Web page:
While Mayor London Breed has become a fixture in press conferences announcing new strategies in San Francisco’s pandemic response, seldom does the public get to hear her thoughts on what it’s been like to lead the city during such a difficult time.
On the latest episode of the podcast Freakonomics Radio, the Mayor opened up, describing what she thinks are important qualities in a mayor, the difficult tradeoffs she’s had to make to balance the budget, and, most controversially, the obstruction she sees from the Board of Supervisors when it comes to allowing new housing to be built.
Here’s Breed on her role as “reassurer-er in chief,” as host Stephen Dubner described her:
“I really think about it from a perspective of someone who is not mayor. Like, how would I want to feel if I was a citizen of San Francisco and looking to my mayor for guidance of what is going on and what I need to do. And I would want my mayor to be confident, to be honest, to be clear about what I should or should not be doing. And that’s exactly what I’ve done every step of the way with this pandemic. Because, you know, I’m just a regular person. But I happen to be mayor.”
Breed went on to discuss the challenging negotiations her office has had with city employees in regards to planned raises that the mayor’s office tried to postpone given the city’s financial issues. Those raises are now slated to happen if voters pass the business tax overhaul, Prop F, on the November 3rd ballot.
“I’ve made it clear that there are tradeoffs to, you know, not preparing for the future with people working from home, with folks leaving San Francisco, with businesses leaving San Francisco. With tourism and everything that we’re facing. We can’t afford to just spend everything in our reserves in order to deal with this year and to also keep our workforce intact. But there are raises that we committed to and raises that our workforce expects. So it’s really tough.”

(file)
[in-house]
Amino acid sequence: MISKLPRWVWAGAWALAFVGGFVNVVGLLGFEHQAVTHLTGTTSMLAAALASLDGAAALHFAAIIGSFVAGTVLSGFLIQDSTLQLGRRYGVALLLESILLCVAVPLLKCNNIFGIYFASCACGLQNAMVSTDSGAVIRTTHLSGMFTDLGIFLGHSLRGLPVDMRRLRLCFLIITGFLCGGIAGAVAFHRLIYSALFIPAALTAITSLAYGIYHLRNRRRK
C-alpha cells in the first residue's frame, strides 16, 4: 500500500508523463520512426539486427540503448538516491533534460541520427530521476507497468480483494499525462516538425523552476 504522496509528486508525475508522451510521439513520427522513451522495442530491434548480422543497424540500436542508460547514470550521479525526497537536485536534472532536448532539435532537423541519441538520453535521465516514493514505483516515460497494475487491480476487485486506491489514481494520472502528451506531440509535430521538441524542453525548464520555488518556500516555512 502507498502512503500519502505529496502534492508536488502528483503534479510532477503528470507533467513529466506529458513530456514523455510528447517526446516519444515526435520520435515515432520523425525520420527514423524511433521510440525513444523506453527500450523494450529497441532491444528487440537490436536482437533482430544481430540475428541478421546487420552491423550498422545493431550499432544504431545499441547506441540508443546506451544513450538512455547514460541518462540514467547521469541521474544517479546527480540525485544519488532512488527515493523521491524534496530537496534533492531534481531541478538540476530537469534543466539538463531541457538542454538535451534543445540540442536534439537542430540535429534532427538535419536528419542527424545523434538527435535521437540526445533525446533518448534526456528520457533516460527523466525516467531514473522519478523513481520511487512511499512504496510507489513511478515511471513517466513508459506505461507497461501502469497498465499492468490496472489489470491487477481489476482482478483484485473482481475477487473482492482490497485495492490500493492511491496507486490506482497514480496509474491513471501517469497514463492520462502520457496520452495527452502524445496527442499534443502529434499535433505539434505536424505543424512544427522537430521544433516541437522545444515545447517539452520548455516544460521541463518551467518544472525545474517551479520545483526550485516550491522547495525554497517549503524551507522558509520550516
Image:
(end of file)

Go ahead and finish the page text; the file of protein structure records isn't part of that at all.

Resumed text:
Finally, the Mayor talked about the city’s most contentious problem, housing. She laid out her view on why it’s become such a problem:
“I think the problem we have, and why we are seeing even more homeless people than we have in the past has a lot to do with the fact that we have not kept up pace with building more housing.”
And why the Board of Supervisors aren’t making the kinds of changes she supports to try to fix it:
“Unfortunately here in the city, you know, we don’t necessarily have a Board of Supervisors who’s cooperative as it relates to policy changes to getting more housing built. Something as simple as trying to allow 100 percent affordable housing as a right without going through this lengthy process, the board can actually pass legislation to do that. But they won’t. San Francisco has a very, very extremely left group of people on the Board of Supervisors. And I think in some instances their focus is to not necessarily do what’s best for people in San Francisco, but do what’s best to stay in the good graces of this whole lefty movement. Rather than trying to work with me as the mayor, it’s mostly trying to undermine the things that I push forward that would allow the city to move forward in building more housing.”